What Makes a Lithium-Ion Battery Explode?

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What’s Inside a Lithium-Ion Battery?

To understand why lithium-ion batteries sometimes fail, you need to know what’s going on under the hood. Inside every lithium-ion battery, there are two electrodes—the positively charged cathode and the negatively charged anode—separated by a thin sheet of “microperferated” plastic that keeps the two electrodes from touching. When you charge a lithium-ion battery, lithium ions are pushed by electricity from the cathode, through the microperferations in the separator and an electrically conductive fluid, and to the anode. When the battery discharges, the reverse happens with the lithium ions flowing from the anode toward the cathode. This is the reaction that powers your laptop.

Small batteries, like those found in smartphones, usually have only a single lithium-ion cell. Larger batteries, like those in laptops, normally have between 6 and 12 lithium-ion cells. The batteries in electric cars and airplanes can have hundreds of cells.

What Makes a Lithium-Ion Battery Explode?

The very thing that makes lithium-ion batteries so useful is what also gives them the capacity to catch fire or explode. Lithium is really great at storing energy. When it’s released as a trickle, it powers your phone all day. When it’s released all in one go, the battery can explode.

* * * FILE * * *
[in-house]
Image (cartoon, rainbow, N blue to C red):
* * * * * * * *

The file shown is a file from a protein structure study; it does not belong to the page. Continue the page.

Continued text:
This lithium-ion battery from a Japan Airlines Boeing 787 caught fire in 2013.

Most lithium-ion battery fires and explosions come down to a problem of short circuiting. This happens when the plastic separator fails and lets the anode and cathode touch. And once those two get together, the battery starts to overheat.

There are a number of reasons that the separator can fail:

  • Bad Design or Manufacturing Defects: The battery is poorly designed, as with the Galaxy Note 7. In that case, there wasn’t enough space for the electrodes and separator in the battery. In some models, when the battery expanded a little as it charged, the electrodes bent and caused a short circuit. Even a well designed battery can fail if quality control isn’t kept tight enough or there’s some defect in manufacturing.
  • External Factors: Extreme heat is nearly guaranteed to cause a failure. Batteries left too close to a heat source—or caught in a fire—have been known to explode. Other external factor can cause a lithium-ion battery to fail, too. If you drop your phone too hard (or too many times), there’s a chance you’ll damage the separator and cause the electrodes to touch. If you pierce the battery (either by accident or deliberately), then you’ll almost certainly cause a short circuit.

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